[Constitution, Jefferson's Manual, and the Rules of the House of Representatives, 113th Congress]
[House Document 112-161]
[Jeffersons Manual of ParliamentaryPractice]
[From the U.S. Government Publishing Office, www.gpo.gov]
sec. xxix--bill, reports taken up
In the House, bills, joint resolutions, concurrent resolutions, and
simple resolutions come before the House for action although the written
reports accompanying them, which are always printed, do not (IV, 4674),
and even the reading of the reports is in order only in the time of
debate (V, 5292). The Chair will not recognize a Member during debate on
a bill in the House or in the Committee of the Whole for unanimous
consent to amend the accompanying committee report in a specified
manner, because the House should not change the substance of a committee
report upon which it is not called to vote (Apr. 2, 1985, p. 7209; Nov.
7, 1989, p. 27762). In rare instances, however, committees submit merely
written reports without propositions for action. Such reports being
before the House may be debated before any specific motion has been made
(V, 4987, 4988), and are in such case read to the House (IV, 4663) and
after being considered the question is taken on agreeing. In such cases
the report appears in full on the Journal (II, 1364; IV, 4675; V, 7177).
When reports are acted on in this way it has not been the practice of
the House to consider them by paragraphs, but the question has been put
on the whole report (II, 1364).
and gives time for amendments to be proposed in the House to the body of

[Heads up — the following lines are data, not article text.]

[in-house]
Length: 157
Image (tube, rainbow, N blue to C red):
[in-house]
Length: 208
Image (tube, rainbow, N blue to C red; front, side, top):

the bill; as he does also if it has been reported without amendments;
putting no questions but on amendments proposed; and when through the
whole, he puts the question whether the bill shall be read a third time?
Sec. 422. Consideration and action on reports.
report of a paper originating with a committee is taken up by the House,
they proceed exactly as in committee. Here, as in committee, when the
paragraphs have, on distinct questions, been agreed to seriatim, 5 Grey,
366; 6 Grey, 368; 8 Grey, 47, 104, 360; 1 Torbuck's Deb., 125; 3 Hats.,
348, no question needs be put on the whole report. 5 Grey, 381.
The procedure outlined by this provision of the parliamentary law
applies to bills when reported from the Committee of the Whole; but in
practice it is usual to vote on the amendments in gross. But any Member
may demand a separate vote (see Sec. 337, supra). The principle that the
committee amendments should be voted on before amendments proposed by
individual Members is recognized (IV, 4872-4876; V, 5773; VIII, 2862,
2863), except when it is proposed to amend a committee amendment. The
Clerk reads the amendments and the Speaker does not again read them.
Frequently the House orders the previous question on the committee
amendments and the bill to final passage, thus preventing further
amendment. When a bill is of such nature that it does not go to
Committee of the Whole, it comes before the House from the House
Calendar, on which it has been placed on being reported from the
standing or select committee or pursuant to a special order of business.
On being taken from the House Calendar the bill is read through and then
the amendments proposed by the committee are read. In modern practice
the House may adopt a special order ``self-executing'' the adoption of
the reported committee amendments in the House, and may permit further
amendment to the amended text (e.g., H. Res. 245, 106th Cong., July 15,
1999, p. 16216).
Sec. 423. Action by the House on amendments recommended by
On taking up a bill reported with amendments the amendments
only are read by the Clerk. The Speaker then reads the first, and puts
it to the question, and so on till the whole are adopted or rejected,
before any other amendment be admitted, except it be an amendment to an
amendment. Elsynge's Mem., 53. When through the amendments of the
committee, the Speaker pauses,